A lot has been made of how opposing defenses have been able to either slow down or completely eliminate Wes Welker from the Patriots offense. It's no secret that Welker is one of the most important pieces of the Patriots offense and, when he's stalled, the offense tends to slow down. Welker is a quick outlet player for Tom Brady, which allows him to quickly take advantage of large cushions by the defensive backs. During the Patriots vs Jets game, I saw all of the typical defenses against Welker take place on a single drive, and I thought you might be interested in seeing how teams line up to stop Welker.
1. Leave other players open:
On this play, the Jets are clever in their coverage. The teams are coming off a Jets time out and have had time to organize their players. Wes Welker is across from Darrelle Revis, who is in prime position to jam Welker as soon as the ball in snapped. They disguise their coverage by placing nickelback Kyle Wilson and CB Antonio Cromartie in double coverage on Patriots tight end Aaron Hernandez, leaving Patriots wide receiver Deion Branch absurdly open for the quick snap pass. Brady sees this opening out of the huddle, quickly taps Dan Connolly for the snap and picks up an easy 20 yards.
It's clear the Jets won this match-up against Welker. He did not manage to catch the ball and the Jets coverage definitely confused everyone on the field. Oh- the defense was confused? My fault. Still, the Jets defense found a way to stop Welker- he will not catch the ball if some other Patriots receiver is exceptionally open.
2. Hope for a bad pass:
The next play of the drive, the Patriots fake a play-action end-around and the Jets bite on the hand-off. They send seven into run defense to stop running back BenJarvus Green-Ellis, leaving Welker open as he crosses the field. Brady stands in the pocket with plenty of time and space, and just misses Welker. You can see Jets NT Sione Pouha (#91) in coverage with a 7 yard cushion around the 40 yard line. Had the ball been thrown with better placement, Welker would have torn up the field for a large gain. However, Brady threw a bad pass ahead of Welker and Wes could not make the play.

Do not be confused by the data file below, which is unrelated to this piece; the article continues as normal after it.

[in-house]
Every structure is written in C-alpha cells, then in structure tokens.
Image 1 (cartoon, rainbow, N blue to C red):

Here, the Jets allow Brady to stop the Patriots offense as Brady has the tendency to, every so often, throw just an inch or two higher than his sub-6 foot tall receivers can reach. I hope other teams follow the Jets game plan and bank on Brady to mess up more often.
3. Bracket Zone:
This is actually a real defense. The Patriots are on second down and are coming out of their own time out. The Patriots pass protection is great, but it's clear that the Jets pass rusher up the gut will be reaching for Brady in only a couple seconds. The Jets give Welker a free release, but decide to bracket him to deter a pass in his direction. Welker operates best with wiggle room in order to pick up yards after the catch and he gets that wiggle room by making a cut in or out. By bracketing him at all levels of the field, the Jets effectively remove his space to make a cut and eliminate the desire to pass to Welker.
Of course, this style of defense (designating effectively three players to watch Welker) will inevitably mirror Style #1 of leaving a player wide open. On this play, as the cornerback shadowing Branch cheats towards Welker to help bracket, Branch is able to slip outside with minimal coverage. Luckily for the Jets, their Style #2 comes into play and Brady throws the ball into the dirt by Branch's feet.
I would also like to note that Patriots tight end Rob Gronkowski had just broken free of his coverage up the seam and was wide open- as was fellow Patriots tight end Nate Solder on an out route. Of course, throwing to the #3 tight end just would have been silly.
4. Jam at the Line:
The most effective method of removing Welker is jamming him at the line. This is a direct engagement that prevents Welker from using his agility to make a quick cut and get free. Darrelle Revis does a great job of jamming Welker and removing the quick outlet pass. As this is third down, the Jets bring five to rush Brady, with the sixth standing guard over the outlet Danny Woodhead. The Patriots protection holds, but Brady does not see anyone open and launches a desperation pass into triple coverage in the end zone towards Deion Branch.
Normally, Branch has a very good chance of winning those jump balls, but today was not his day and the ball was knocked to the ground.
Oh, and Welker managed to shake Revis and get open later on the play, but Brady most likely assumed that Welker was still occupied by Revis. That's what jamming Welker at the line does, though- it makes Brady forget about Welker and the fact that he may actually get open as the play develops.
NBC showed the reverse angle of the snap and we were able to see how well Revis covered Welker in order to deter Brady from even looking in his direction the rest of the play:
Oh. In that case, screw your styles of defense. If you want to stop Welker, just grab him.